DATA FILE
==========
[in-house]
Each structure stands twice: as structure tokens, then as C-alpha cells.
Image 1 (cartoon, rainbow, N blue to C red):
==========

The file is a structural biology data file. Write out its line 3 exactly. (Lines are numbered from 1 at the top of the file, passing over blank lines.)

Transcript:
Image 1 (cartoon, rainbow, N blue to C red):